Inclusive publishing, or making print books more accessible for readers with disabilities, is becoming easier with the development of ereaders, smartphones, and even braille displays for ebooks. When it comes to producing ebooks at Ooligan, we should be making sure our designs are accessible and following industry guidelines so that we can bring our books to as many readers as possible. So how can we accomplish this?
We’ve all heard the conventional wisdom that staring at screens all day is somehow bad for our brains: supposedly it destroys our attention spans, blunts our intelligence, and transforms us into technology-dependent zombies. But is there any truth to such grim speculations? Are screens really changing our brains?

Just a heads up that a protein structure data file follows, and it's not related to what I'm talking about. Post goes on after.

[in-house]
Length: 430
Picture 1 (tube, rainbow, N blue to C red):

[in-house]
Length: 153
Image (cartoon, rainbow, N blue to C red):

Ten percent of people in the developed world and fifteen percent in the developing world have some degree of impairment that can seriously affect their ability to read, such as blindness, low vision, dyslexia, or motor disabilities.
Every day there’s another story about how Amazon is changing the marketplace, and not just for books. Because I think we ignore Amazon (and others) at our peril, I turn to “The Shatzkin Files” to stay informed.
I was struck by the power of what I had been learning poring over my programming books. Anyone who, like me, was willing to spend some time, could now build a virtual printing press.
Some of us are wired for less glamorous positions, but that shouldn’t be a reason to give up on the goal of being a force for good in the world of publishing. Many who specialize in digital publishing are used to focusing on solving technical problems and minutiae. However, that doesn’t mean there aren’t bigger issues at play.